The bartending machine has its origins in an invention for a friend's birthday party a few years ago, Mr. Michael said. He and Mr. Kaye built a water cooler that appeared to magically dispense wine. From there, they built their first Bartendro.
Mr. Michael said he did not see his invention running human bartenders out of work any time soon. Bartendro will never juggle bottles, light drinks on fire or listen to tales of woe from the tipsy.
On the other hand, it will not judge if you order a frilly girl drink, nor will it smoke the ice cubes you put in your glass. But some chefs are doing just that with a gadget called the Smoking Gun.
This product, by PolyScience of Niles, Ill., looks a little like a blow dryer. Basically, it's a pipe with a hose attached. Users pack wood chips, tea, straw or anything else that would impart flavor into a small bowl on the gun, light it and start the battery-operated motor, which keeps the draft going. The hose delivers the smoke into the user-supplied container.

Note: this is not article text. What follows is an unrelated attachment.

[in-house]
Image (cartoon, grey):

The whole process takes a minute or less.
The Smoking Gun has been on the market just under a year, said Greg Kirrish, culinary marketing manager for PolyScience, which has gained a reputation for bringing science into the kitchen. In that time, users have let their imaginations run, adding the flavors from smoke to all sorts of foods, including chocolate ice cream, marshmallows and baked bananas. The company has posted its own video of a chef infusing a Manhattan cocktail with cigar smoke.
The Smoking Gun comes with two half-ounce jars of hickory and apple wood sawdust and sells for a suggested price of $100. Additional jars of sawdust are available through the company.